Dead Programmer's Cafe

Umami Paste Review

I am mostly indifferent to sweets, but I absolutely love all things savory, so when I heard about a paste billed as “the ultimate cooking tool to enhance any savoury dish”, and more than that called “taste number 5 umami paste” — well, I had to buy it, even if it meant buying it on eBay and having it shipped from the UK.

Umami is probably the most highly prized taste in Japanese cousine, the taste of salty meatiness. Interestingly enough in pure form umami can be mostly attributed to monosodium glutamate. Mostly – in the same sense that the addictiveness of cigarettes can be mostly attributed to nicotine. The overall picture is very complicated – there are many amino acids similar to MSG, I suspect just as “sweetness” can’t be attributed to a single molecule.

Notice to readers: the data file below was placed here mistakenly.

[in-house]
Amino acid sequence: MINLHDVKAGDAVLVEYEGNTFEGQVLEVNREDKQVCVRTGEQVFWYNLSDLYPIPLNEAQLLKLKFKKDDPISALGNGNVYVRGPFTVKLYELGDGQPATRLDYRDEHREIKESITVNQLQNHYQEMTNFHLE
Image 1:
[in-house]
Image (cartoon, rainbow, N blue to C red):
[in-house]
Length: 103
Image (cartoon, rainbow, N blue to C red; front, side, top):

But back to the umami paste. When compared to dashi broth, which for me is an etalon of complex umami taste, Taste No. 5 is somewhat disappointing in its simplicity. There’s an overpowering taste of tomato – the primary ingredient seems to be tomato paste. The second strongest tasting ingredient is anchovy, which is great, but kind of stale. You can also taste olives, but for whatever reason these flavors fail to harmonize. The paste is a bit too oily as well.

A half-used tube of Taste No 5 sat in my fridge for a good while, but it’s far from a miracle ingredient, and is mildly disappointing. I think the main flaw is the heaviness of tomato taste. I give it 3 out of 5. A high quality tin of anchovies is a much more versatile ingredient, and so is a bag of kombu kelp.